Crude Oil Prices Rise on Further Ukraine Tensions
A file photograph of oil pipes at Ceyhan port in Turkey.Reuters

Crude oil prices rose on 8 April on renewed tensions over Ukraine after pro-Russia protestors seized government buildings in the eastern city of Donetsk and proclaimed their independence from Kiev.

US crude futures were also supported by speculation over declining US gasoline inventories.

Brent May contract was trading 0.43% higher to $106.39 a barrel at 10:45 BST on the London-based ICE Futures Europe exchange.

WTI May contract was trading 0.82% higher to $101.28 a barrel in electronic trading on the New York Mercantile Exchange.

Ukraine Crisis

Heightened Ukraine tensions have raised concerns about oil supplies from Russia, the world's largest energy producer.

Desmond Chua, market analyst at CMC Markets in Singapore said traders were "watching [the situation] closely for clues about Russia's intentions regarding Ukraine."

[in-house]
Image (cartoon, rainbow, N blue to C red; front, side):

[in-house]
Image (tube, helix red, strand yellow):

US Stockpiles

The US industry-funded American Petroleum Institute will release its crude oil supplies data on 8 April while the US government is due to release its weekly report on crude oil stockpiles on 9 April.

US gasoline inventories are forecast to have decreased by a million barrels in the week ended 4 April, according to a Bloomberg poll.

The drop would mark a seventh straight weekly decline.

Libya Oil Crisis

Libyan rebels seeking greater regional autonomy and the government have agreed to open the oil terminals of Zueitina and Hariga in the east of the country.

Two other rebel-controlled ports, Es Sider and Ras Lanuf, are due to open in the coming weeks.

The partial lifting of the blockade on the four terminals, closed for the past eight months, is expected to increase Libya's crude oil exports by about 200,000 barrels per day.

Libya's oil exports have declined 80% in the past eight months following the closures of the oil ports by militiamen.

The country had been producing 1.4 million barrels of oil per day when the rebels seized the ports. The blockade is expected to have cost Libya more than $14bn (£8.4bn, €10.2bn,) in lost revenues.